Cut the Stress, Simplify Your Life
If stress is wearing you down, take some advice from those who have left their stress behind -- simplify your life.
It's Time to Disconnect continued...
Think about all the technology resources that we now use that
weren't commonplace even a few years ago, says Dinnoncenzo. Simplifying your
life doesn't mean you have to ditch the cell phone, pager, e-mail, instant
messaging, voice mail, call forwarding, and on and on. But it does mean
establishing clear boundaries:
- Turn off your cell phone when you shouldn't be (or don't want to be)
- Don't take a cell phone to an appointment or when you are focusing on
- Don't give out your cell phone number. Use it only for outgoing calls.
- Screen calls by using caller ID.
- Use the "delete" option -- early and often.
- Arrange for calls from the office only in cases of emergency.
- Maintain your commitment to work-free vacations.
- Let voice mail or the answering machine take your calls.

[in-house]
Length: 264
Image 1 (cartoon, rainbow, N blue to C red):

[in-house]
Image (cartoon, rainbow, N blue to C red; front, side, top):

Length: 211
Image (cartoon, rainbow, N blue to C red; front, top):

- On your voice mail greeting, be clear about when you will and will not be
Along with all this technology -- which includes the TV too, by
the way -- comes information overload, says Daphne Stevens, PhD, a
psychotherapist, life coach and author of the forthcoming book, Watercolor
Bedroom: Creating a Soulful Midlife. "Limit the amount of information
you expose yourself to," she says. "Being flooded with stimuli is a
tremendous source of stress."
Debbie Mandel, MA, a stress management expert and author of
Turn On Your Inner Light: Fitness for Body, Mind and Soul, says
simplifying your life is like "spring cleaning for the soul."
"Stress is omnipresent," says Mandel. "The trick is
to learn to decompress." Mandel's suggestions for simplifying your life
- Make a list of your activities, prioritize your to-do list, and shed those
activities that no longer serve a purpose in your life.
- Delegate chores at home and at the office. Don't try to do it all. Ask for
- Let go of the myth of perfection.
Simplifying your life may also mean more than just getting rid
of "stuff." It may mean getting rid of people too, says Daphne Stevens.
"Avoid overexposure to negative or toxic people," she suggests.
Instead, "nurture the relationships that support you. A quick email or card
saying 'I'm thinking of you' can work wonders in keeping a friendship alive
when we're too busy to do much else."
However you choose to simplify your life, remember that
simplicity is not about poverty or deprivation, according to The Simple Living
Network. It is about discovering what is "enough in your life -- based upon
thoughtful analysis of your lifestyle and values -- and discarding the